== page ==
Laminated dough

There is a Burmese saying that goes, “If you want good tea, let the picker climb the slope slowly.” Allow people and events to unfold in their own time. Don’t rush.

Which is why I am a coffee addict instead. Which is probably why Myanmar has been taking this long to hold (semi-)democratic elections or legislate basic social measures. Not in a rush at all. The country laid dormant for a good chunk of the 20th century and awakened to a new world of smart phones and severe opposition against genocides.

If you are like me, a third world native in and out of separate worlds with multiple visa stories, you will likely already have a degree of patience for ambiguity. Things take longer at checkpoints. Your weekend getaway plans have to be laid out with some advanced oversight. Waiting is part of the game. You are somewhat used to it.

Yet, my patience for ambiguity has never been tested to this degree as during this period. It is a common feeling for others right now. I have been trapped in dire circumstances before, even worried for my personal safety but there was also some novelty and adrenaline involved. Right now, it is just going through a protracted transitioning process day in and out. I would rather a quick snap, like ripping off a band-aid. People, teams, and flights are just taking a little while longer to get back to me. Just have to wait them out. Waiting.

The thing about waiting only for a future outcome is that you cannot find happiness in that corner of your head space. Happiness is neither in the past nor the future. Pursuit of happiness is present. I think I will be happier if I start viewing the act of waiting as an act, rather than just something that happens to me.

In the Burmese saying, you are allowing the tea picker – the external circumstances – to take their time and fall into place. Sometimes, you forget that you are that tea picker. You have to wait on yourself, too. Stillness is the move, but I just do not know how come I view my own time as so limited. It is a type of mania – this worrying about how I am running out of time to do and see things I want.

As I type this, I am waiting on my laminated dough so I can make breakfast croissants on this cool, rainy morning here in East London.

Whenever I am letting the dough stretch and rise, or when I am pickling something in a jar, or watering my seedlings to grow, I am usually able to practise what Buddhists call Upekkha – a form of gentle and loving detachment. I am not ignoring the dough or the plant. I am not trying to fight off something in fear or in restlessness. This is not a fight or flight mode. I am in care of a certain part of the process, while keeping my distance but switching my focus to something else that requires more active attention…like washing the dishes or writing this note while letting the dough thaw or rise.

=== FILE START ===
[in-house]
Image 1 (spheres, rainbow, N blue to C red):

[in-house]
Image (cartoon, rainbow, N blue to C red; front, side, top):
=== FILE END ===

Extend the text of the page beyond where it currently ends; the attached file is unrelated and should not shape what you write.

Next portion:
Why can’t I do more of that in my day to day life?

Serial Monogamist

Winter in Yangon!

It is 63 degrees this morning! SIXTY THREE. No more rain and flooded streets. Yangon is gorgeous when it wants to be.

This week, I’m truly a free woman. FREE woman. Just to top things off, today is the day to claim my free tenth coffee at Bar Boon downstairs from my office, after I have purchased their coffee at exorbitant prices for the past nine times. Love it when things work out like that.

Today, I want to write about boys. Through the lens of an ambitious, heterosexual female.

Length of breakup negotiations: This really cute baby was born around the same time of my breakup.
Been a lifetime: This really cute baby in his sailor outfit was born around the same time of my most recent breakup.

When you are in early twenties, it’s easy to dismiss boys as unimportant or trivial. There is still graduate school to worry about, and you’re still learning the ropes at your workplace. Yet, at a time when Myanmar is going through a historic transformation, the society as a whole is changing. When it comes to dating, there is more than one protocol to follow for us Burmese ladies, and we’re getting pickier than to say yes to someone your parents ask you to. Arranged marriages are falling out of fashion and yet we also do not yet openly discuss dating with your parents – at least my family does not.

So amidst this change and confusion, where do we look to for guidance and advice when it comes to boys?

But we are not alone in feeling clueless.

David Brooks of New York Times comments that “[Society] is structured to distract people from the decisions that have a huge impact on happiness in order to focus attention on decisions that have a marginal impact on happiness. The most important decision any of us make is who we marry. Yet there are no courses on how to choose a spouse.”

Even if marriage isn’t your end goal and you are focused on your work, new studies suggest that you should not underestimate its role.

Upon one of the many long rural car rides, my former boss Jim Taylor of Proximity Designs, memorably said that my career trajectory will inevitably change depending on my life partner. Then, Sheryl Sandberg, the COO of Facebook and the most badass woman alive ever, has popularized the idea that “the single most important career decision that a woman makes is whether she will have a life partner and who that partner is.”

WHAT?!

And remember, Sheryl is not talking about hypergamy. Marrying up has lost its cool in 2013, as this Financial Times piece aptly articulates. Out with hypergamy, and embrace equal relationships. Grab this book written by Sharon Meers and Joanna Strober to hear their research on how to get to 50/50.